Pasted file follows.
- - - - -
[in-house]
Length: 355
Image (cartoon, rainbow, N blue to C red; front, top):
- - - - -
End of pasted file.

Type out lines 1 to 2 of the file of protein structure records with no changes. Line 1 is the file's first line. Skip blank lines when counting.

[in-house]
Length: 355